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I have the data like (7A+5dfAA7D...) alphabet and numbers. Its length is greater than two lack characters. So I can't update that clob column using update because it throws an error saying the string literal too long.

How to update the values?

please help me.

Thanks in advance!

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What sort of update are you doing: overwrsubiting? string replacement? appending? –  APC Jan 11 '12 at 13:09
    
actually it is empty column simply update using simple update query –  Manohar Kulanthai vel Jan 11 '12 at 13:11
    
You will need to use a PreparedStatement (or whatever equivalent thing your programming language offers you) –  a_horse_with_no_name Jan 11 '12 at 13:27

2 Answers 2

up vote 0 down vote accepted

Here is part of some java code that inserts data from a file into a CLOB column. The trick is to first insert an empty_clob() value and then to update the record.

try {
            /* Register the Oracle driver */
            DriverManager.registerDriver(new OracleDriver());

            /* Establish a connection to the Oracle database. I have used the Oracle Thin driver.
              jdbc:oracle:thin@host:port:sid, "user name", "password" */

            conn = DriverManager.getConnection(connectString, userName, passWord);

            /* Set auto commit to false, it helps to speed up things, by default JDBC's auto commit feature is on.
               This means that each SQL statement is commited as it is executed. */

            conn.setAutoCommit(false);
            stmt = conn.createStatement();

            /* Insert all the data, for the BLOB column we use the function empty_blob(), which creates a locator for the BLOB datatype.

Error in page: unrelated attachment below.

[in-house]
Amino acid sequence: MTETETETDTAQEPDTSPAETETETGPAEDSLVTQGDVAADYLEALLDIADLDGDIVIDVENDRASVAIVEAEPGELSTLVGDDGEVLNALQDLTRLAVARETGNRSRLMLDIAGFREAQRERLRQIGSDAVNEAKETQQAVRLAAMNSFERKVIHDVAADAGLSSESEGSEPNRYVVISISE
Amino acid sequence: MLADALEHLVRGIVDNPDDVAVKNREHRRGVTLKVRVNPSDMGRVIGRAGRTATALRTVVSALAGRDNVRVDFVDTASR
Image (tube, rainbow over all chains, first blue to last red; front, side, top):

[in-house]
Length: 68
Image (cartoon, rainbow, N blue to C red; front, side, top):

A locator is an object that ponts to the actual location of the BLOB data in the database. A locator is essential to manipulate BLOB data. */

            query = "INSERT INTO CLOB_TABLE (id,data_clob,bestandsnaam,dt_geplaatst) " +
                    "VALUES(" + ID + ", empty_clob(),\'" + fileName + "\',sysdate)";

            //System.out.println(query);

            stmt.execute(query);

            /* Once the locator has been inserted, we retrieve the locator by executing a SELECT statement 
               with the FOR UPDATE clause to manually lock the row. */

            query = "SELECT DATA_CLOB FROM CLOB_TABLE WHERE ID=\'" + ID + "\' FOR UPDATE";

            //System.out.println(query);
            rs = stmt.executeQuery(query);
            //System.out.println("Select statement uitgevoerd");

            if (rs.next()) {

                /* Once a locator has been retrieved we can use it to insert the binary data into the database. */
                CLOB clob = (CLOB)((OracleResultSet)rs).getClob(1);
                os = clob.getAsciiOutputStream();
                final File f = new File(fileName);
                is = new FileInputStream(f);
                final byte[] buffer = new byte[clob.getBufferSize()];
                int bytesRead = 0;
                while ((bytesRead = is.read(buffer)) != -1) {
                    os.write(buffer, 0, bytesRead);
                }
                clob = null;
                returnValue = 0;
            }


        } catch
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You can use SQL*Loader to load the data, but you have to do it from a file. This may or may not be difficult depending on how much data is involved, though you could likely write a script which sets up sequential files containing your data.

For a table called TEST, with columns of TEST_ID and TEST_BLOB:

Control.dat:

load data
infile data.dat
replace 
into table TEST
Fields terminated by ','
(
  TEST_ID, 
   lob_file FILLER CHAR,
  TEST_CLOB LOBFILE(lob_file) TERMINATED BY EOF
)

data.dat:

1,c:\work\clob1_data.dat
2,c:\work\clob2_data.dat
etc...

C:\Work>sqlldr USER/PASS@dbserver.mycompany.com control=control.txt
sqlldr USER/PASS@dbserver.mycompany.com control=control.txt
SQL*Loader: Release 10.2.0.1.0 - Production on Thu Sep 24 01:20:06 2009
Copyright (c) 1982, 2005, Oracle.  All rights reserved.
Commit point reached - logical record count 2

This configuration was derived from this example: Ask Tom

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